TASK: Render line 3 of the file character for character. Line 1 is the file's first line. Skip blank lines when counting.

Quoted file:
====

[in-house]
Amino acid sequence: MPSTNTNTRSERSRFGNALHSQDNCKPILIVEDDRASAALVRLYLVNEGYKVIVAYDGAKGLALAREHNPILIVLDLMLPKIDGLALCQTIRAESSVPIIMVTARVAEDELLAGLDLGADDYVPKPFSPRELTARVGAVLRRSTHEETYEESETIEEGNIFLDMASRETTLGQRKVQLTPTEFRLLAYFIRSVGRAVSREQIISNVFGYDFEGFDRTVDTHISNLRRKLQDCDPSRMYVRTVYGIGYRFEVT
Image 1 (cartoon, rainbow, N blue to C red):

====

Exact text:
Image 1 (cartoon, rainbow, N blue to C red):